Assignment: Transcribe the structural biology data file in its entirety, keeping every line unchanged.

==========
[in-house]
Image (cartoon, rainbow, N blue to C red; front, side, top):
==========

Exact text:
[in-house]
Image (cartoon, rainbow, N blue to C red; front, side, top):